- Drivers in Europe could be forced to fit speed limiters in their cars, as the European Union looks to new ways to cut the 30,000-a-year road-casualty rate.
- Next-generation speed-limiting technology, such as cameras that "read" speed limit signs and automatically apply the car's brakes if you go over, is under evaluation.
- There's no suggestion that any such speed limiters could be headed for the U.S. at this point.
LONDON — If you break the speed limit, your car will automatically apply the brakes to slow you down.
This is one chilling Orwellian vision of the future that's been floated by Europe's road-safety bureaucrats this week as they look for new ways to cut the 30,000 annual road-death total.
Their proposal is that all new cars be fitted with cameras that can "read" speed limit signs. The brakes would then automatically be applied if you go over the limit.
Another option would be to use satellite navigation to warn the driver of the speed limit. Again, your car would be slowed automatically if you transgress.
Welcome to the world of Intelligent Speed Adaption (ISA), a technology now under evaluation by the European Commission's Mobility and Transport Department.
This is a follow-up to speed-limited technology already fitted to some buses and heavy-goods vehicles. But expanding ISA for normal road cars is something else and has already sparked controversy, not least in the U.K., which sees it as a sinister "Big Brother" invasion of motorists' freedom.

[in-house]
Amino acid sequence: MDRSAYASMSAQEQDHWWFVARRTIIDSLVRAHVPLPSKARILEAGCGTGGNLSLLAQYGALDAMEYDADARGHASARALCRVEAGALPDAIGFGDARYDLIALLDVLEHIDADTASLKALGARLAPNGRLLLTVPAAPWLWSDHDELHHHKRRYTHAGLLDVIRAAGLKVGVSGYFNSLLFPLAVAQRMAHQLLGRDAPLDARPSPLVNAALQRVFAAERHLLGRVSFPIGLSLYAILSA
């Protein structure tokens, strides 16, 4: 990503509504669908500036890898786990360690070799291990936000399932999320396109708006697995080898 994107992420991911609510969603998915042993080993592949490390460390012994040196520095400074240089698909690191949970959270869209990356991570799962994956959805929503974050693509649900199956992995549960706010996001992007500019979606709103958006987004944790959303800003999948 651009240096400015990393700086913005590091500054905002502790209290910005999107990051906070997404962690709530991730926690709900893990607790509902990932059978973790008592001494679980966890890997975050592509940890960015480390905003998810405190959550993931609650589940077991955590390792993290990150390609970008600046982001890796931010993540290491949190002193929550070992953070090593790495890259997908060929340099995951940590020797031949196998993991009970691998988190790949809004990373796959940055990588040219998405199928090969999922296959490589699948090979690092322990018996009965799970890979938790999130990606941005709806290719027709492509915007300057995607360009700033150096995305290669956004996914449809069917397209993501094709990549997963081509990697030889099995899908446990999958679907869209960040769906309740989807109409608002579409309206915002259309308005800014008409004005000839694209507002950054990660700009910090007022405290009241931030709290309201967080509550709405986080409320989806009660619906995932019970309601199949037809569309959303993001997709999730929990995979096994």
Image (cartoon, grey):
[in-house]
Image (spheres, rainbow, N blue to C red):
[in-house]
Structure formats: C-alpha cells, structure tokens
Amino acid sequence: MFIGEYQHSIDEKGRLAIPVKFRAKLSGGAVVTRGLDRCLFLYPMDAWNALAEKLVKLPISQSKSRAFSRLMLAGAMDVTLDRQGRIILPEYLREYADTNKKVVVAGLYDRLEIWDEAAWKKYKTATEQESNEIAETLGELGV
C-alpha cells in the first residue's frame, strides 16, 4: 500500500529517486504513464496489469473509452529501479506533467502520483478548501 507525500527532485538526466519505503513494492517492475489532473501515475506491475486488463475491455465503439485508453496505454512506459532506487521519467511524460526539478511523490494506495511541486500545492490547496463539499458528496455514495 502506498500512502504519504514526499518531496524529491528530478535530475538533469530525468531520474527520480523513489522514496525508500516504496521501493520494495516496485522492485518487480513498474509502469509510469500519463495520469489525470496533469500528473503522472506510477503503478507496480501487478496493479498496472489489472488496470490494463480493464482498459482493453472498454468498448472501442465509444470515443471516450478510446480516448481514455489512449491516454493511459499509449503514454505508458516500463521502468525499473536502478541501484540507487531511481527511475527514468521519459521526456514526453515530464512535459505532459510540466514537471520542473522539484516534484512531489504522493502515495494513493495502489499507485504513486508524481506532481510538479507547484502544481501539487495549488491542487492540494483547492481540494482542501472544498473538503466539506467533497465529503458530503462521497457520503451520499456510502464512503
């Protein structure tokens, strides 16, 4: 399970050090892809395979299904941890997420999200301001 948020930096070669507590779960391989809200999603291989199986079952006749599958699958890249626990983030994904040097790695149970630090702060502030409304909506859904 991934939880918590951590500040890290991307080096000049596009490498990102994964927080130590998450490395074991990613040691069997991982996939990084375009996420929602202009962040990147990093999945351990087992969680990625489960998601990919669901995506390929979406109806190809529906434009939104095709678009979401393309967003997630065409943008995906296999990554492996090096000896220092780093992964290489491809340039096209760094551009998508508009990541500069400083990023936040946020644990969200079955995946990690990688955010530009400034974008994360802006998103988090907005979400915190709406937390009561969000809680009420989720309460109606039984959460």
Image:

ISA has also been challenged on safety grounds because it would, in the U.K., literally limit the car to 70 mph, the national speed limit. Thus there would no scope for, say, a sudden burst of acceleration to clear a dangerous road situation such as a head-on collision.
Reports also cite the possibility that the EC would insist that every car be fitted with ISA, meaning that all cars currently on the road would need to go to garages to have the ISA technology fitted. However, enforcing that would surely be a logistical impossibility.
The EU transport commission is charged by member states to think up new ways to reduce road deaths, so up to a point, it is only doing its job. And its proposals are, just that, proposals which could still take years to get through, even if they were approved.
Not that speed limiting in itself is anything new. For decades, Japan is a country that has enforced a restriction that all domestically made cars be speed-limited to 180 km/h (112 mph) via an engine ECU chip.
However, this particular regulation does not apply to imported cars and, very quietly, garages can unofficially re-program the ECU.
It could be argued, however, that ISA is another step along the way for satellite monitoring of all cars in Europe which could, in turn, lead to road pricing. That is, you are charged for every journey you make.
Edmunds says: Are the EU's speed-limiting proposals smart and sensible or just plain scary?